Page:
Looking at the Washington Post's coverage of the Olympics I was surprised to find Japan in third place in the medal count.
"Way to go, Japan," I thought until, taking a closer look, I realized that only two of Japan's 19 medals are gold. The vast majority, 11, are bronze, a color Japanese athletes like so well that politicians here are considering changing the red circle in the hi-no-maru national flag to bronze in honor of their "achievements". Arch rivall, Korea, it should be noted, has won seven golds, out of forteen medals total. (Way to go, Korea!)
So, why is Japan listed third?
Because in the Washington Post and other American papers countries are currently listed by total medals won: US, 37; China, 34; Japan, 19; Germany, 17; Russia, 17; and so on. Countries are arranged in that fashion, rather than by the relative value of the medals won, in order to make the U.S. come out on top, instead of in second place as most international media outlets and indeed the London Olympics, as well, have them. I suspect that in the event that China garners more medals while the U.S. wins more gold, the medal count will be adjusted to keep America in the number one position.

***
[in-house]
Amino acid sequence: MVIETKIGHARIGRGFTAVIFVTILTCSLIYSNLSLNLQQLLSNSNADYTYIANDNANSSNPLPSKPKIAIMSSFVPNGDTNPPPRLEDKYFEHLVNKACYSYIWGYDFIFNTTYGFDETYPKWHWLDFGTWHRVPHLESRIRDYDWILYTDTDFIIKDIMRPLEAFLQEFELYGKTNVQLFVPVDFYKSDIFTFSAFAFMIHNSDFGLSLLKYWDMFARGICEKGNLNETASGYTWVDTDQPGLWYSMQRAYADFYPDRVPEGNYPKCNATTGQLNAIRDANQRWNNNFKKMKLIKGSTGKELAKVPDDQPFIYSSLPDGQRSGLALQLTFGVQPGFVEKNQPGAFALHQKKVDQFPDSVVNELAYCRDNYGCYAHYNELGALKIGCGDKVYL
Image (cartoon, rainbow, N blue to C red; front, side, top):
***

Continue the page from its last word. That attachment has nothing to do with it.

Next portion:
This is exactly the kind of pettiness I'd expect from North Korea. C'mon, Amerikay, you're better than that! You're Numero Uno, after all.